Weapons: There are only two weapons in this game. The first is the famous starting sword, which has become famous since I first mentioned it three paragraphs ago. Its first flaw is a normal one - it's too damn short. You walk around with it at your side pointed out in front of you, and it doesn't even extend past your nose. But hey, that's the case in a million side-scroller games, why is this any worse? Well, the programmers of this game, due to budget constraints, scrapped their original plan to create "a pointy thing that hurts when you hit someone with it" and instead created "a pointy thing that occasionally hurts, but 80% of the time simply passes through the target with no discernable effect." The majority of the time, slashing a target will not kill or even hurt it. It will nonchalantly walk right through your blade. In a couple of levels there's an exception: your sword will always do damage, as long as you're walking forward while you stab. If you stab in place, you will never hurt an enemy. Ever. No matter how hard you try. This helps contribute to the game's atmosphere of hopelessness and despair mixed with a mounting rage and disdain for all of humanity.
The other one, by contrast, kills enemies every time. The second weapon is Tink, the stupid fairy-thing that accompanies you from the beginning. Just hold Up and hit Attack, and you'll dramatically point to the general area in front of you. Tink flies over and touches any enemies in that general area (which would be "in front of you") and they turn towards the camera, start a running motion, and float slowly upwards until they disappear. The use of this attack has a side effect called "Not knowing what the hell just happened", but since you won't be able to understand much of anything in this game, I think it's an acceptable tradeoff.
Some of you may be asking "But what about that magic sword you got earlier?" You don't carry it into combat at all. After you get the magic sword, you use the same pathetic weapon you did before. Aside from letting you fly for some unexplained and probably nonexistent reason, the magic sword doesn't do a god damn thing.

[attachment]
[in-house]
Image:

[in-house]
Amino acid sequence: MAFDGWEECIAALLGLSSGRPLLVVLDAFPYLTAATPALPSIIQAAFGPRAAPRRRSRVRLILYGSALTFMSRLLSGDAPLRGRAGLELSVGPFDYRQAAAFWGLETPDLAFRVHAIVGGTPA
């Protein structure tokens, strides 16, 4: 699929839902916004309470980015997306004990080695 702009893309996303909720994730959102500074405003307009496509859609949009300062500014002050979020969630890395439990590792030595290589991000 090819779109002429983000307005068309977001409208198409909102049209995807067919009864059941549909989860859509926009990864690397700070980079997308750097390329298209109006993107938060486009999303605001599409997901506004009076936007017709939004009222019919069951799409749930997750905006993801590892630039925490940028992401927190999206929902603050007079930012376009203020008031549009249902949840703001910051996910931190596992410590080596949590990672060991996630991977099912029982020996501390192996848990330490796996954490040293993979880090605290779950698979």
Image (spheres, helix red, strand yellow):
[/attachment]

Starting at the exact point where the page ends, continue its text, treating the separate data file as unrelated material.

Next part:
Enemies: Do you really think the developers would suddenly realize what a nonsensical game they were creating and make good enemies? Not a chance. All kinds of weird things showed up to molest Peter Pan:
- Pirates who run around randomly stabbing things.
- Old men who float in the air.
- Chimpanzees that sit in trees and throw bananas at you. Stepping on a banana makes you run really fast in one direction for about half a second.
- Mummies. Almost a normal enemy, but when they hit you, they don't cause damage. They just force you to turn around and walk in the other direction for five seconds.
- Archers that fire big cartoony plunger-arrows at you. If you get close enough, they drop the bow and punch you in the face.
- The most retarded dragon imaginable.
- For snow levels: Snow pirates. They run around, occasionally lifting an arm and shooting a snowball at you from one of their armpits.
- Pirate ghosts that float around flashing Texas Longhorns signs at you.
Number of Levels: A shitload. Actually they're pretty much the same few levels repeated over and over - some forest levels, some flying levels, some snow levels, some water levels and some pirate ship levels. There's probably at least three or four of each. Add them all up and you get a grand total of "too damn many".
Number of Bosses: There are two bosses if you count the Lost Boys leader guy as a boss. But I don't, so there's only one boss, the Hook-man himself. It's the same fight scene as before, except that the fetish guy must have been fired midway through this game's development, because your life is actually represented by bars instead of tearing shirts. That and some pirate decided to be a jerk and run around chaining cannonballs to your foot that keep you from jumping or turning around. This is the only 2D fight I've ever seen where when someone jumps to the other side of you, you don't turn automatically, and instead you have to hop in the air to change directions.
Defining Moment: Hard to say, but there's nothing quite like playing through a boring, tedious level all the way to the exit, only to not be allowed to leave because you didn't collect the required number of cupcakes.
Each category in the rating system is based out of a possible -10 score (-10 being the worst). The overall score is based out of a possible -50 score (-50 being the worst).